Weichert provided some new detail Wednesday on plans to reduce the backlog for government background checks, which she said stood at about 700,000. The June proposal called for transfer of responsibility to conduct national background investigations from OPM to the Defense Department (DoD), which it said will provide “the opportunity to achieve an efficient, effective, fiscally viable, and secure operation that meets all agencies’ needs.”

She said today that agencies and groups involved in solving the background checks backlog include DoD, Director of National Intelligence, OPM, and the National Security Council. “We are working through those issues as we speak,” she said.

For the 10-12 issues on tap for quicker action, she said that generally “what we are doing now is working with the affected agencies and working to determine … what the operating mode would be to move that forward.”

As for others among the 10-12 items, “we will have more information about that at end of the summer,” Weichert said. “We are spending the summer doing that final analysis,” she said, adding that the 10-12 item estimate on early-moving proposals may be winnowed down to as few as eight.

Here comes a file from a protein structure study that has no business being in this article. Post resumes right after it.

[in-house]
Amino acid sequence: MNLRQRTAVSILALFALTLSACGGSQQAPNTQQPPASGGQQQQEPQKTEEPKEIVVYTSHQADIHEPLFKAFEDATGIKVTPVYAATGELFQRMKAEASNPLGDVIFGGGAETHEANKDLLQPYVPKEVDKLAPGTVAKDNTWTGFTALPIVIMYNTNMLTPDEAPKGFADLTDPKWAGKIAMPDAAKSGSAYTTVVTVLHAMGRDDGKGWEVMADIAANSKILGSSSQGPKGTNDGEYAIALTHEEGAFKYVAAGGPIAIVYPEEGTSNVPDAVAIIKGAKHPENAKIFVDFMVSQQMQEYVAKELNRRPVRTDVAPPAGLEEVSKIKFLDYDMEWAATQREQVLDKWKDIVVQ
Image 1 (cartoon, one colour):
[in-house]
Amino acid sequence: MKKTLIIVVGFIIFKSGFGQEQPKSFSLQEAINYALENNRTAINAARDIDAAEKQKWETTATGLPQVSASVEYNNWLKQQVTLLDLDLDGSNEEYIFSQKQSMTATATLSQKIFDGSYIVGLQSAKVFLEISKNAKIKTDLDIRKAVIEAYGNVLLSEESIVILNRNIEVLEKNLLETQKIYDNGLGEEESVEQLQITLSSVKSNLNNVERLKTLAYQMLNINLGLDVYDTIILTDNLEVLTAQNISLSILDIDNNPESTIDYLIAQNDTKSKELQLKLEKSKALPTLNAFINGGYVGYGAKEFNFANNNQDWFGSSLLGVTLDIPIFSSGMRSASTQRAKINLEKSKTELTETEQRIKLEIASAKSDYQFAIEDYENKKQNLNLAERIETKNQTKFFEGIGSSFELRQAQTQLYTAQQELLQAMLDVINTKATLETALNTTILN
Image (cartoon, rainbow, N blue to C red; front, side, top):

Key Democrats on the committee, including ranking member Sen. Claire McCaskill, D-Mo., blasted Weichert for not providing much data to senators about OMB’s various proposals under the reorg plan, and even some committee Republicans including Chairman Ron Johnson, R-Wis., urged Weichert to provide extensive data to Congress if it hoped to generate any cooperation among legislators for the reorg plan.

Sen. McCaskill said the cyber workforce and citizen services proposals “are things we can work on together,” but derided other administration proposals as just “notional ideas” that are not backed up with enough data to explain their impact. Others, she said, like an idea to privatize the Postal Service, she pronounced “untenable.”